A visit to the East Course at Wentworth - Tales from the 19th

The East Course at Wentworth is something of a hidden gem

The East Course at Wentworth is something of a hidden gem - Credit: Various

In this month’s visit to a top Surrey golf course, John Whitbread, of the Surrey Golf Partnership, reports on one of his favourites, the East Course at Wentworth

The mystery of the East is that it would be far more famous if it wasn’t where it is. If that sounds like a piece of bizarre convoluted logic, let me try to explain.

The hidden gem I refer to is the East Course at Wentworth, the oldest and yet least known of the three championship 18 holes at the esteemed Virginia Water club.

Over the years, thousands of fans have trudged from the car parks across its fairways hardly giving it a second glance as they made their way to watch the PGA and the World Matchplay on the West and the Senior Masters on the Edinburgh. A hidden gem For those of us who have been privileged to play designer Harry Colt’s original masterpiece, this public neglect provokes distinctly mixed feelings. Like someone who has discovered a marvellous restaurant, we cannot help telling everyone how good it is, while secretly hoping it won’t be swamped as the latest fad.

It was not always in the shadows, however, hosting the unofficial forerunner of the Ryder Cup matches in 1926. It was after the British beat the United States by a thumping 13.5 to 1.5 that a chance remark by seed merchant Samuel Ryder in the Wentworth bar led to one of sport’s most famous transatlantic contests.

Six years later, the East was the setting for the inaugural Curtis Cup match between the lady amateurs of America and a team representing the four Home Countries. America won that one 5.5-3.5.

So what made the East such a magnet for those early international stars?

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When Surrey developer Walter Tarrant bought the Wentworth estate from Ada Cabrera in 1920, he shared a desire with Colt (the architect who had designed his first gem at nearby St George’s Hill Weybridge) to build a club that would set the standard for years to come.

From the 1880’s to well into the 1930’s, Colt built or remodelled more than 100 courses in Europe and America including Sunningdale Old and Swinley Forest, as well as gaining a reputation that made him, even up to today, one of the most revered course designers in world golf.

The East is a perfect example of his craft, underlined by the fact that of the 18 holes he designed almost 90 years ago, 15 are still in play, with only a few minor alterations.

Matter of course

First things first. Well not quite, as the original first hole on the East was transferred to be the first on the West, going on to become, through many hours of television coverage, one of the most famous opening holes in world golf.

The first we now play cuts away at 90 degrees, halfway down what was the original fairway.

From there, you embark on a delightful sweeping journey through tree-hugged fairways and across strips of glorious gorse and heather (although not quite so glorious if you tangle with nature too often).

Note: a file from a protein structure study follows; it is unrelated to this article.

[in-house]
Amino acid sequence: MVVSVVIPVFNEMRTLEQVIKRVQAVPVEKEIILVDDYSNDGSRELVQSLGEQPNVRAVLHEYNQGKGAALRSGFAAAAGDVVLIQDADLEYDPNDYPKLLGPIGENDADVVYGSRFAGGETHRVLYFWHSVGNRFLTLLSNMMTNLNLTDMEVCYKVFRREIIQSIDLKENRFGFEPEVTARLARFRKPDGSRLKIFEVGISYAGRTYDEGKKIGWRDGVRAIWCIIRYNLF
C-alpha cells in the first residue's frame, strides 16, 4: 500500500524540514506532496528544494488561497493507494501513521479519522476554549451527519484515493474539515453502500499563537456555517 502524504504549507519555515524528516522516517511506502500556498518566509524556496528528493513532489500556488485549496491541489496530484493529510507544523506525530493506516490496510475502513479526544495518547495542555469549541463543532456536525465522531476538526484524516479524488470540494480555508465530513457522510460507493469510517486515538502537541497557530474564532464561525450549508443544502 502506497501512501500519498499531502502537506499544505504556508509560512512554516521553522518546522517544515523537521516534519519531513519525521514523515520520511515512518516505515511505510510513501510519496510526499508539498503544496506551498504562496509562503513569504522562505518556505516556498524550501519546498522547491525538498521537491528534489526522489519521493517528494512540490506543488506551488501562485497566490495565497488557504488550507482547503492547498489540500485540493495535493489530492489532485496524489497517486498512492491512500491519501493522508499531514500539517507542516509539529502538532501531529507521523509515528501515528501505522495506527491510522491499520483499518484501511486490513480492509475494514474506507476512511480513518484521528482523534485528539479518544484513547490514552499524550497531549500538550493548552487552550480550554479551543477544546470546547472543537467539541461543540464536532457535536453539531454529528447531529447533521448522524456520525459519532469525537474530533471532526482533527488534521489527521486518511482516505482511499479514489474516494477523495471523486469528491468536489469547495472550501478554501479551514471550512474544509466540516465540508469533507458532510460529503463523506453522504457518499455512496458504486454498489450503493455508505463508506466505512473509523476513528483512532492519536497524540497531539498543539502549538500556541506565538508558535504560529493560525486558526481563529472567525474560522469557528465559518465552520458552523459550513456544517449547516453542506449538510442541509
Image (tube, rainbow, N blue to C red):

The second, like the fifth and the 14th, affords sweeping vistas from an elevated tee, tempting a big swish with the driver. Beware though, because – in addition to the gorse and heather – there are also strategically placed bunkers and hollows to catch out the intemperate.

The third, for example, at 325 yards long, should be a simple enough par four, and is, if you can carry a yawning gulf and a diagonal row of bunkers to give yourself a short second to the green.

Diagonal hazards appear to be a favourite feature on this course with a thickly gorsed ridge guarding the 229-yard seventh (just after the delights of the Half-way Refreshment Hut).

Then you have the 11th! Open and Masters champion Nick Faldo rates this 462-yard teaser as one of the best par fours in the world. Who are we mortals to argue?

Indeed, in a perverse way, the hardest hole on the course, and perhaps the entire 54 holes on the estate, remains a firm favourite, requiring a tee shot hit from left to right and a second shot hit from right to left, if you want to reach the green in two.

Thankfully, relief soon arrives, with the pretty short 12th, although accuracy is paramount here.

Then there’s the testing finish, starting with the challenging 458-yard 16th, where I once saw John Paramor, the European Tour’s chief referee, hit a mighty drive over the row of bunkers that stand like sentries across the fairway some 300 yards from the tee. One for the road It is followed by the demanding downhill par three 17th and finally the 18th where the more courteous motorists wait for you to try and drive over the road.

Your round concludes in the shadow of the imposing clubhouse on the slope above you. You are now within moments of enjoying the liquid refreshment you deserve. By then, unless you are not human, your sporting senses will already be sated to the full.


The East is one of three championship courses at Wentworth Club, the most famous of which is the West, which hosts the BMW PGA Championship annually. For more information about golfing memberships, contact Julia Walters on 01344 846337 or e-mail businessprom@wentworthclub.com. To visit the club and stay and play, see the website: wentworthclub.com


The Surrey Golf Partnership comprises 111 clubs, which are also affiliated to the Surrey Golf Union and the Surrey Ladies Golf Union. For more details about getting involved, visit their website at surreygolfpartnership.com